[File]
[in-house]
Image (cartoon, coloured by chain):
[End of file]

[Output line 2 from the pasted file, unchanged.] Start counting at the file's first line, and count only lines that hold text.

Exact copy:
Image (cartoon, coloured by chain):